Abstracts (first author)

Invited Speaker 

Morph-specific circadian plasticity and G X E for juvenile hormone and gene expression in a wing-polymorphic cricket

Author(s): Zera AJ, Brisson JA, Nanoth Vellichirammal N


The endocrine basis of phenotypic plasticity in insects has been the subject of considerable study and speculation for decades. Yet, detailed information on endocrine mechanisms is still uncommon, and many “classic” examples of endocrine plasticity are, in fact, only weakly supported by experimental data. Furthermore, an important aspect of plasticity, circadian plasticity, has remained virtually unstudied. During the past decade, the Zera laboratory has undertaken detailed studies of morph-specific JH titer variation in the wing-polymorphic cricket, Gryllus firmus. This species exhibits a classic life history trade-off consisting of a dispersing morph (LW; long-winged) that delays reproduction and a flightless morph (SW; short-winged) that exhibits enhanced early-age fecundity. An unanticipated and dramatic genotype (morph) x environment (time-of-day) interaction for the blood JH titer (i.e. genetic variation for circadian plasticity) was identified in this species. In the LW morph the JH titer rises and falls 20-100 fold within a few hours before and after lights-off in the laboratory or sunset in the field. Failure to take this rhythm into account can result in substantial errors in interpreting the role of JH in morph adaptation. The morph-specific JH titer rhythm appears to be common in cricket species; the JH cycle likely regulates some aspect of flight, which only occurs in the dispersing morph at night. A recent transcriptome study identified a morph-specific circadian rhythm with respect to global gene expression. Daily change in transcript abundance occurs for a greater number of genes in the LW than in the SW morph, and is more prominent than differences in expression between LW and SW morphs at the same time of day. Circadian plasticity and G X E are potentially common, important, but largely unstudied aspects of phenotypic plasticity and life history adaptation. Supported by NSF award IOS – 1122075 to AJZ

Abstracts (coauthor)

Transcriptomics of a life history trade-off in the wing polymorphic cricket (Gryllus firmus)

Author(s): Schilder, RJ, Vellichirammal NN, Wehrkamp C, Riethoven JM, Zera AJ, Brisson JA


The sand cricket Gryllus firmus is a model species in the study of the trade-off between (flight) dispersal and fecundity associated with wing-polymorphism in insects. G. firmus females exist as either a flight capable, long-winged (LW(f)) morph that delays egg production or as a flight-incapable, short-winged (SW) morph with substantially elevated egg production. In addition, some adult LW(f) individuals partially degenerate their flight musculature, thus giving rise to a third morph (LW(h)), that exhibits the substantially increased egg production seen in the SW morph. Here we present findings of a transcriptomics study that examined molecular mechanisms underlying plasticity in flight muscle and fat body function among the G. firmus morphs. Expression of genes encoding proteasome components was significantly enhanced in LW(h) flight muscle, however we observed a striking, nearly complete absence of differences in flight muscle sarcomere gene expression between LW(f) and LW(h) morphs. This indicates that flight muscle histolysis in the LW(h) morph is a highly controlled and selective process, and that maintenance of non-histolyzed fibers in LW(h) flight muscle is controlled through gene expression patterns similar to that in the LW(f) morph. In addition, LW(h) morph flight muscle displayed a significant reduction in expression of genes encoding aspects of mitochondrial structure and metabolism, supportive of earlier enzymological and metabolic rate work in this species. Genes involved in triglyceride biosynthesis were significantly upregulated in LW(f) fat body tissue, while SW fat body exhibited substantially elevated expression of an insulin-like peptide known to regulated egg production in locusts, as well as a number of lectin-related proteins that function in immunity. We will discuss our findings with respect to the physiological and molecular mechanisms underlying the flight-fecundity trade-off in G. firmus and other insect species.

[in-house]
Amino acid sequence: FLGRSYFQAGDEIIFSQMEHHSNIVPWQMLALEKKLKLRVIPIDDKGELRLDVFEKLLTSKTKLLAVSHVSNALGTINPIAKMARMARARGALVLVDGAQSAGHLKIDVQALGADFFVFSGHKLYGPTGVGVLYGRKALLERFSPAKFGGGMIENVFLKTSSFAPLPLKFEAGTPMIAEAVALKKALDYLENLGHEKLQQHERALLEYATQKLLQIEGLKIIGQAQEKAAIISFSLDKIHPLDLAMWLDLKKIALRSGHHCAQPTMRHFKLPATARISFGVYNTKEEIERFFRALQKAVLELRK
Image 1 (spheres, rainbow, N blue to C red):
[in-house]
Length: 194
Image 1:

Chairman: Octávio S. Paulo
Tel: 00 351 217500614 direct
Tel: 00 351 217500000 ext22359
Fax: 00 351 217500028
email: mail@eseb2013.com


XIV Congress of the European Society for Evolutionary Biology

Organization Team
Department of Animal Biology (DBA)
Faculty of Sciences of the University of Lisbon
P-1749-016 Lisbon


Computational Biology & Population Genomics Group